When we got a Westie pup, everyone kept saying Westies are prone to allergies. That this is the no. 1 health issue they have and that it’s a continuous struggle dealing with. We kept thinking that maybe our pup will be among those allergy free. After all, we did get him from a responsible breeder and no one in his family showed signs of allergies, we were told.
How we first noticed the allergies
A year and almost a half in, the first signs of allergies started. At first, we didn’t even realize that’s what it was. He was licking his paws a lot and we thought he was just cleaning himself. We posted a story on instagram of Sami licking diligently and we joked that he’s a very clean pupper and people mentioned it might be allergies. Then, he started chewing his paws too. Then, he would wake us up at night with the licking and chewing as he was clearly uncomfortable and couldn’t sleep. At some point he even started scratching his lower jaw until the skin there became red and raw.Also, below is a video I’ve made about all the things I take with us when we travel with an allergic Westie (Sami):
About atopic dermatitis
So we went to the vet and turns out it’s most probably atopic dermatitis, which is a common condition Westies develop in early adulthood, meaning somewhere between 1 and 3 years old. It’s basically a hypersensitivity to various allergens that can be from food, or environmental (like pollen, mold, insects, even dust mites which are everywhere). It’s a chronic skin disease which can be contained, but never goes away completely and can always cause flare ups. It’s also genetic, so there is no way to know if your puppy will develop it or not.
Dealing with atopic dermatitis
We’ve been trying to deal with this for the past few months, with weekly checkups at the vet and trying out various things that didn’t really work. We tried raw food (against our vets’ advice; two months in and it didn’t help but instead created other problems so we stopped). We applied local creams, sprays or mousses which slightly helped but not by much. Our vet had Sami on cortisone pills for two weeks which did help a lot, but since cortisone is a steroid it’s not meant to be used long term, so as soon as we cut the dose to half, the symptoms reappeared, so now he is cortisone free. We tried giving him baths more often, using a dermatologic shampoo that helps with allergies. We washed his paws after every walk. We even had him using socks on our walks, to see if this helps, with no luck.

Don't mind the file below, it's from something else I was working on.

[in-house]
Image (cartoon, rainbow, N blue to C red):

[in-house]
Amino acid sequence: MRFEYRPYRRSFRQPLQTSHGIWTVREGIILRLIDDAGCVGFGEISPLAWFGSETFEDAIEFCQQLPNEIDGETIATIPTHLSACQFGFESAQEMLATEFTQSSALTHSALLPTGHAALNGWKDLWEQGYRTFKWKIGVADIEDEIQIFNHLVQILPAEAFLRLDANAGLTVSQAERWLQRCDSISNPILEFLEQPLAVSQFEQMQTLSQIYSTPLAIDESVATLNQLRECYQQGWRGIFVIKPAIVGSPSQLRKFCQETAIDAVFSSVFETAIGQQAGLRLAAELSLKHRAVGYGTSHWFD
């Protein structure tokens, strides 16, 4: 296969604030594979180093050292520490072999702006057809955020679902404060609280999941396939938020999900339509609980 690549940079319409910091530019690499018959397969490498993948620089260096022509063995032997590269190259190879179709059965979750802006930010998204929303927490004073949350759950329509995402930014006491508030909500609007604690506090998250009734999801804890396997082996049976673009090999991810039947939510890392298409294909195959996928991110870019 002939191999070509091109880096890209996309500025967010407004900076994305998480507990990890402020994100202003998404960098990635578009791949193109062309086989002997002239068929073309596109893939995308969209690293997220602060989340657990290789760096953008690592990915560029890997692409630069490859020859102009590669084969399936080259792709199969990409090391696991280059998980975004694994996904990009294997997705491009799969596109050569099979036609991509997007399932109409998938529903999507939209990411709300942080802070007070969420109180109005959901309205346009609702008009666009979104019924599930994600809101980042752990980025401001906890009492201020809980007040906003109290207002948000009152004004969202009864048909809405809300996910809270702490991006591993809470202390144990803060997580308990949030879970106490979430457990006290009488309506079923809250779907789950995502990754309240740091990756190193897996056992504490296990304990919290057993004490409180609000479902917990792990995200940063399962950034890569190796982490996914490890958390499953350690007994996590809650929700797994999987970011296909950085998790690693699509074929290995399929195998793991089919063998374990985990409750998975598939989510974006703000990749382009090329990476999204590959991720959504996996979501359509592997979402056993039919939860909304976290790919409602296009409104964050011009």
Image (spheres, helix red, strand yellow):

Recently, after taking him to the groomer for a summer haircut, we noticed he has some red spots on his back as well as his belly. Our vet says these are allergy flares and it’s normal for an atopic dog. We noticed him scratching a little, but nothing major yet. However, from what I read, this can get worse with time.
Possible treatment options
At the moment we have a few options to deal with these allergies. We can do an allergy test, which we already scheduled, in order to find out what allergens he is most sensitive to. Despite our vet mentioning it might be a waste of money (because what if he is allergic to dust mites? How do you avoid that?), I want to have a certain answer as to what is causing this. Maybe the cause is not just environmental allergies, but certain ingredients in food. In this case, I can avoid those and maybe it will help his flare ups.
Another solution is anti-allergy medicine. There are a few options that I know of, but they all could have side effects, which is why I want to keep this as a last resort. If at some point the allergies become so bad that they affect his well being, then I will consider it, because after all what is most important to me is that he feels well and has a quality life. But at the moment, this can wait while we keep trying to contain these allergies in other ways.
Another possible solution I just learned of is immunotherapy, where the doctors administer tiny doses of the allergens that the dog is sensitive to, over a period of months, even a year, slowly increasing the dose until the dog allegedly becomes desensitized. I have yet to find out more about this and ask my vet, so take this with a grain of salt and do your own research 🙂
What to do if your Westie puppy shows these signs
What’s important is if you have a Westie dog and at some point notice any of the signs above, know that you might be dealing with atopy. Please go see your vet and ask what your options are.
Unfortunately there doesn’t seem to be a right answer to this, so the best we can do is just experiment with different options and see what works best for our dogs. Each dog is different and what might work for you might not work for me and vice versa, which is why I refrain from giving people advice in situations like this. And which is why I would also like to ask that you don’t try to convince me that your way is the way. By all means, I appreciate you sharing your experience with me and please do, but just don’t tell me that it’s the right way. I’m glad to hear what worked for you and you can be sure that I will look into it, but maybe it’s not what will work for my dog and I want you to keep this in mind 🙂